Dreaming Now, Then:
A Gathering of the Tribes in Tucson
Steve Roach Performs Rare Tucson Concert
Tucson, Arizona - March 1 1997
Internationally-acclaimed recording artist Steve Roach will create an extended journey through extraordinary sound worlds during a rare Tucson performance Saturday, March 1, 1997 at the Pima Community College Center for the Arts. Tickets are $14 general admission, $8 for students, available at Dillard's outlets (1-800-638-4253) and Hear's Music (520-795-4494). With over 30 award-winning and groundbreaking albums to his credit, Roach has carved a staggering range of music from a shapeshifting palette of indigenous instruments, trance percussion, earthy didgeridoo rhythms, and state-of-the-art electronics.
In concert, the 42-year-old composer travels through a variety of moods, tempos and atmospheres to create a single, continuously-evolving work of ritualistic intensity that one critic characterized as being immersed in "a collective dream unfolding before your very ears." To this end, the artist employs a sophisticated balance of composed material and improvisatory techniques to tailor each program to the particular venue and audience involved, an approach that allows him to remain true to his own sound while developing a reputation as one of the most versatile performers in any genre. Over the past five years, concerts have taken place in a 13th-century Spanish abbey, a subterranean theater built into a grotto of volcanic rock in the Canary Islands, a number of European clubs and concert halls, an outdoor festival held in a sea of volcanic rock in Mexico City, planetariums and IMAX domes on the West Coast, an all-night rave in Baltimore, a gothic music festival in Chicago, and a showcase for avant-garde composers in San Francisco.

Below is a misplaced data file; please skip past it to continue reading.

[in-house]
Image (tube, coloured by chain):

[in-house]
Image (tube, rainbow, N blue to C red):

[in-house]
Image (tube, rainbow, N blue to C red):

After taking his music around the world, Roach is looking forward to sharing his vision with audiences closer to home. The composer, who's currently based in Tucson, considers the P.C.C. Proscenium Theater to be "a perfect, intimate setting with outstanding acoustics and atmosphere, elements that are vital to the most powerful presentation of this type of music. " The March 1 performance will feature Roach in his most direct mode, working solo with a myriad acoustic and electronic instruments as he moves through a dramatic range of sonic topography during a two-hour expedition that listeners will find variously familiar and relaxing, alien and challenging, and quite often, completely out of this world. In the process, he freely mixes ancient and modem forms of music-making that skew the boundaries of conventional experience. As Wired magazine recently observed, Roach offers audiences an experience that "sounds distinct at each encounter, reflecting the listener's own receptive labor as much as the composer's active one. Roach gives us not new music, but new ears with which to hear."